A SCOTTISH social enterprise has secured funding to help minority ethnic women in Scotland get back to work after career breaks.

AAI EmployAbility’s Scottish Government-funded programme aims to improve employment prospects, update skills, increase confidence, while offering access to both employers and paid work placements.

From November this year and March 2022, Back To Work participants can use employability coaches and employers through interactive workshops, one-to-one coaching and tailored training resources.

The business is in its fifth year of working with this underrepresented demographic who experience multiple barriers to employment.

Around 60 ethnic minority women will be supported in the programme. Organisations participating are from the public, private and social enterprise sectors, ranging from large corporations to SMEs and startups.

Joy Lewis, CEO of AAI EmployAbility, said: “Our team is consistently blown away by the level of talent that comes through from this underrepresented group. Last year we supported 30 women to realise their potential, regain their confidence and break the stigma around taking career breaks. We’ve seen the impact this work can make.”

Yvette McLaren participated in AAI EmployAbility’s previous Back to Work programme and secured a six-week placement with Edinburgh-headquartered cashflow forecasting startup Float. She said: “The whole experience was incredible because it built my confidence and it felt like I wasn’t in things alone.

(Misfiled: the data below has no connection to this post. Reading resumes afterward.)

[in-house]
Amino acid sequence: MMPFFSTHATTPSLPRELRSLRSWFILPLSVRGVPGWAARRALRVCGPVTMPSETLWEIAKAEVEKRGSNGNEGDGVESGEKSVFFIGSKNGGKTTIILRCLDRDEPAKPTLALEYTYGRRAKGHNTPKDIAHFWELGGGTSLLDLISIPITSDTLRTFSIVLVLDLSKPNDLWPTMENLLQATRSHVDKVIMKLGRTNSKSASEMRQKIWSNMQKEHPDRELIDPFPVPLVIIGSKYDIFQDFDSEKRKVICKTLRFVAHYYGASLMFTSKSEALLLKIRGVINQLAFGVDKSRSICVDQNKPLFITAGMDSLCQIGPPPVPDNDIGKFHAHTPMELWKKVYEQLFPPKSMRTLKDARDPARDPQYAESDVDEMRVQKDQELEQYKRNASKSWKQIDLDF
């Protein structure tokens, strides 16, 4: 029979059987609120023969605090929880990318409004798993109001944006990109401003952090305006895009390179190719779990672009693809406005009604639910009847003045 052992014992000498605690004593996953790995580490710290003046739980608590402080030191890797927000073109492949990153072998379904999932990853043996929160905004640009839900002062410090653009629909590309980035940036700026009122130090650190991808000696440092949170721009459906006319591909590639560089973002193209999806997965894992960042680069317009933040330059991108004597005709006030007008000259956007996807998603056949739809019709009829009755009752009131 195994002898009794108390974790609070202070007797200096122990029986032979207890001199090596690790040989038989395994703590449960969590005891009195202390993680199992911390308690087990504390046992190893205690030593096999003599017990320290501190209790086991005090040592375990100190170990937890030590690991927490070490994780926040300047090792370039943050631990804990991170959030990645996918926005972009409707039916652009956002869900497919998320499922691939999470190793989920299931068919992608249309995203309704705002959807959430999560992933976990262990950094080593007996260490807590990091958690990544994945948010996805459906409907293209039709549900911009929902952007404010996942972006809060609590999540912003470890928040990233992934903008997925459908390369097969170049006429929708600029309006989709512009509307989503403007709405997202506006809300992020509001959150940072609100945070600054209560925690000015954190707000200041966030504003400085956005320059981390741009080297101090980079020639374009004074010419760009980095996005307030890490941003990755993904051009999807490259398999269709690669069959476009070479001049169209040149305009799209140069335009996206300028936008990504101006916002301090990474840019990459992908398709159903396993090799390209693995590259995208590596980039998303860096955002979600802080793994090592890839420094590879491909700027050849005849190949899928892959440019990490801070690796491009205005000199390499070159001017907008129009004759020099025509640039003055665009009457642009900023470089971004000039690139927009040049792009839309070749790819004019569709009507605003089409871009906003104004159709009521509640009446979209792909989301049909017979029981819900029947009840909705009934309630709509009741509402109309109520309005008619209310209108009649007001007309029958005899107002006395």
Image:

“Before the programme and placement, I wasn’t sure if I wanted to go back to work in HR, but the experience reminded me how much I loved working with people.”

While industry research shows that more diverse work forces deliver significantly greater performance, the employment rate in Scotland for minority ethnic women is 20% lower than for white women, while minority ethnic women are also paid correspondingly less than their white counterparts.

Enoch Adeyemi, CEO and co-founder of Black Professionals Scotland, said: “Projects like this from AAI, and the backing from the Scottish Government, offer hope and crucially, access points to employment desperately needed for people from underrepresented backgrounds so they can achieve their potential in the workforce.”